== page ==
hasty, thoughtless answer, or the sullen, is here?" "I do not know, my daughter," look ; and at other times she wanted very said he, “I am going to count it after dinmuch to do just as she pleased, instead of ner, and then I will tell you." "Is it yours, doing as her mother or teacher pleased. It father ?” she asked eagerly. "No; it is was not always easy for her, more than for not mine, it belongs to the Society; but I others, to tell the exact truth, even though am to take care of it, and see that it is used it should prove her in fault. She occasion for good and benevolent purposes." Mary ally felt mortified that her father was not as wanted her father to tell her more about it, rich as some other girls' fathers were, and but he began to talk with a gentleman, and troubled because she was deprived of some in a few minutes the dinner-bell rang, and advantages and pleasures that they enjoyed. they all went into the dining-room, except Yet the better feelings would quickly return Mary, who was to wait, there not being to her heart, and the peaceful expression of room for her at the table. contentment to her face; while, with sincere For some time she remained standing hy repentings for her faults, she was ever
the little basket of money, taking up the striving as hard as any little girl I know, to bright pieces, one after the other, reading overcome them all, and to do right continu. the dates of the different coins, and examally. The still low voice within, which
ining the faces with the deepest interest. chides us when we do wrong, and which She had never in her life before seen so approves when we do right,—that little
much money together, and it seemed to her guardian spirit that is always faithful to us,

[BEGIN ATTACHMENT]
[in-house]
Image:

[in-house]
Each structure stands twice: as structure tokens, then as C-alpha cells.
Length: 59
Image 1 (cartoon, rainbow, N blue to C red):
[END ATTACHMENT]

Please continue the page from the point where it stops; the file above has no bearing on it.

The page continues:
that here was enough to buy everything so long as we heed its teachings-you know one could desire. She wished her father well what I mean, dear children; the in might have as much-she was sure he would junctions of this friendly voice, little Mary
give her some; and next she wished she understood, and usually obeyed. Happy, had as much. What could she not do with indeed, for us all, to heed this friend, to
such a vast sum ? “But it isn't mine, and regard its counsel, to cherish it with watch
it isn't father's-not a penny of it,” said ful care for our guidance and comfort
she; and turning away, somewhat reluctthrough life. Let me tell you how, on one antly, she went out into the garden. Her occasion, when Mary was tempted to com
thoughts, however, kept turning back to mit a great sin, she was saved from the deed
the money, the basket full of money that by listening to the urgent voice of her con
could work so great things, and she could science, warning her of her guilt and dao not resist the feeling that it would make ger.
her far happier to have plenty of money. Mr. Edwards was treasurer of a certain
Just then, Ellen Morris, a little school. religious Society, which held its meetings
mate who occupied the seat next to hers, every year in different towns of the county.
passed the garden, and seeing Mary, she A treasurer is a person who receives and
exclaimed, “Oh, Mary, I want to shew you takes care of the money that people pay to
something. See what a beautiful slate a Society. At one time, this Society held
father has bought me, with all these pic. its meetings in the place where Mr. E. lived,
tures to draw; and this set of pericils. Are and some of the gentlemen attending it
they not nice?” “Yes, indeed,” said Mary. were invited to his house, Mary, returning in a tone as animated as Ellen's; “it is a from school one day, found company in the